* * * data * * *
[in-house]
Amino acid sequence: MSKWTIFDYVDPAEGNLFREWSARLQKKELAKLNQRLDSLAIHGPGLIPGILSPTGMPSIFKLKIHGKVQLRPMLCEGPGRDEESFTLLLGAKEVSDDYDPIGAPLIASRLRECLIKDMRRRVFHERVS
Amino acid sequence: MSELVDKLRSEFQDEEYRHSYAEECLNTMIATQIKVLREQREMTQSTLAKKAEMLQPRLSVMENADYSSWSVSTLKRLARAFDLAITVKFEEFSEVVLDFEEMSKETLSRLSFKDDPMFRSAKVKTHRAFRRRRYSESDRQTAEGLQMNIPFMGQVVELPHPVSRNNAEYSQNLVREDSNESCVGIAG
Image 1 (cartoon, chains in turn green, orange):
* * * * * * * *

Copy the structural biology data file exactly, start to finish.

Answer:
[in-house]
Amino acid sequence: MSKWTIFDYVDPAEGNLFREWSARLQKKELAKLNQRLDSLAIHGPGLIPGILSPTGMPSIFKLKIHGKVQLRPMLCEGPGRDEESFTLLLGAKEVSDDYDPIGAPLIASRLRECLIKDMRRRVFHERVS
Amino acid sequence: MSELVDKLRSEFQDEEYRHSYAEECLNTMIATQIKVLREQREMTQSTLAKKAEMLQPRLSVMENADYSSWSVSTLKRLARAFDLAITVKFEEFSEVVLDFEEMSKETLSRLSFKDDPMFRSAKVKTHRAFRRRRYSESDRQTAEGLQMNIPFMGQVVELPHPVSRNNAEYSQNLVREDSNESCVGIAG
Image 1 (cartoon, chains in turn green, orange):